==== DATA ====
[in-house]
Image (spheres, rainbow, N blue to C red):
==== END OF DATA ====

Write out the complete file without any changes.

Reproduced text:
[in-house]
Image (spheres, rainbow, N blue to C red):